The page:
The PayGo for E-bikes partnership will accelerate the adoption of electric motorcycles (electric bikes/e-bikes) in Kenya through digital pay-as-you-go (PayGo) technology and a public light-charging infrastructure, which will be available to any e-bike rider.
P4G has provided this partnership with US $792,500 in catalytic grant funding.
In Kenya, where motorbikes are a popular form of transportation but pollute 10 times more on average than cars, the government has set a goal of ensuring 5% of bikes are electric by 2025. This goal requires rapid scaling, and P4G’s PayGo for E-bikes partnership is addressing two key barriers to that effort: customer affordability, and range and charging anxiety.
To address the affordability barrier, the partnership will offer PayGo options for drivers to switch to electric bikes. While the current up-front purchase price of e-bikes is too expensive for mass adoption, offering a daily PayGo rate for drivers to use the e-bike and charge it will cost less than existing costs of petrol bike financing, fuel and maintenance. As of Mar 2023, the partnership had rolled out 60 e-bikes, is assembling 280 more, and is ordering an additional 500 for later in the year. Scale up has been slower than anticipated due to supply chain issues and delays in testing.
Range and charging anxiety, which is the driver’s concern that they will have insufficient power to reach their destination or they won’t be able to find a charging location, will be alleviated by charging stations throughout the city. The partnership will offer PayGo electric bike battery charging primarily using Kenya’s majority renewable energy powered grid at small and medium enterprises, so any e-bike drivers can easily recharge at their convenience. PayGo for E-bikes has installed 8 charging stations at 3 fuel stations for testing, as they aim to make improvements before deploying the full 100 units.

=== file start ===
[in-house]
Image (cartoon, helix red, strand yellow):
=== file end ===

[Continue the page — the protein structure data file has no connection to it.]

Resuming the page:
The partnership has also completed research which found that battery swap models are well suited to business-to-business use-cases and consolidated markets with high density of electric 2-wheelers and low upfront costs, whereas the battery charge model works in more low-income and fragmented markets. Currently, Kenya’s market segmentation allows for both models, but favors a charge model for the majority of drivers. With either model, the speed of adoption of eBikes could accelerate faster with a shift with positive policy and regulatory reform, so the partnership plans to use this research to advocate for Kenya to adopt a specific e-mobility tariff.
PayGo for E-bikes also studied gender inclusivity, finding that the primary barriers are safety concerns and social norms, including lack of access to financing. While the study emphasizes the need for sustained and coordinated stakeholder initiatives to enable women’s participation in the sector, it also identifies short-term opportunities such as delivery and day-time focused services as a gateway option and effective messaging through women’s savings groups and e-commerce platforms that highlights women’s primary motivations of gaining independence and earning a predictable income.